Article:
This month's "The Mirror" column was written by Susan Dalton © 2014, all rights reserved.
Lately I was reading comments under a blog about the ineffectiveness of aikido. One person talked about "deadwood and less than compelling practitioners." Deadwood! That's the useless part, huh? The part that needs to be pruned away and tossed. Hmmm. I'm that person sitting in seiza, always thinking Sensei's comments are directed towards me even when they aren't, but here's the thing: I know some might see me as a less than compelling practitioner, and I choose to be no more compelling than I am. Here's another thing: effective technique isn't what matters. We'd been having this discussion/argument/wrangle in our dojo between the aikibunnies and the mashers. To be honest, our dojo is somewhere in the middle, and even our most extreme dojomates are middle of the roaders on the aikibunny-masher spectrum. Still, it's an age old conflict, one that manifests in many dojo and on many discussion boards. In our dojo the discussion wasn't exactly a male/female divide, but most of the women tended to see the issue one way, and most of the men tended to see it the other. The word "effective" was being hurled around. I'm bigger than the other women in our dojo and strongly put together, so I wasn't feeling manhandled as some others were, but I was dismayed when the issue came up at a
black belt meeting and the initial reaction seemed to blame uke. I've been doing aikido 23 years and yes, I can put a nikyo pin on you that will cut off your airway. I can probably do a kaitenage that will break your nose and your shoulder and your elbow and, oh hell, your wrist too. I guess that's "effective" technique. But I have to go to work in the morning, and I know you do, too. I don't think people should get hurt on the mat. Nage's responsibility is that as his/her power increases, his/her sensitivity toward uke must increase, so nage can feel the right amount of power to apply and uke is not hurt. Now, I'm not going to claim that I'm above hitting a pressure point or two when someone sees little motivation to move. And as I get older, my favorite technique is nikyo. I even like that nasty sankyo where nage is holding only to uke's little finger. In fact, I like all the nasty pins. But if I'm doing one, I go slowly so uke has time to take the stretch and slap out. Uke gets to decide how far we go.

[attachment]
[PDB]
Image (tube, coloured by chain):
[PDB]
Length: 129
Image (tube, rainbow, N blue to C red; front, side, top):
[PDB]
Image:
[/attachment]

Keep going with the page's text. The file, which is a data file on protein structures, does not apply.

However, learning to sense and accommodate uke isn't just about "being nice" and taking care. Developing that sensitivity and ability to read "the other" (and ourselves) crucially benefits our own training. Years ago I had the pleasure of interviewing Jacques Payet Sensei for Aikido Today Magazine
. Mr. Payet talked about being uchi deshi for Goza Shioda Sensei. He laughed as he told me about standing outside a door every night waiting for exactly the right moment to open the door for Sensei. He had to get the bath water the exact right temperature, and bring the rinse water in at just the moment Sensei wanted it. At first Mr. Payet felt lost and clueless; however, as time went on he developed the ability to know when to be where with what. He could relax and just "feel it." Most of us don't do that kind of training now; we have to develop these skills in ways such as breathing with the entire class during warm up exercises as we move in sync with everyone in the room and relaxing and reading uke with our bodies during technique.
I had a head start on this sort of training. My father suffered from mental illness, and I never knew what to expect from him. In order to be safe, I had to be able to "read" the air in a room. Is that mysticism? No, it is years of awareness and paying attention. And this type of awareness has kept me safe in other situations. When I was a flight attendant, one night I was an extra,